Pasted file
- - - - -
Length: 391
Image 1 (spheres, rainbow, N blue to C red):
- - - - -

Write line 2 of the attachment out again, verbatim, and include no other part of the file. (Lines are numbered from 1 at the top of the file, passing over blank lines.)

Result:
Image 1 (spheres, rainbow, N blue to C red):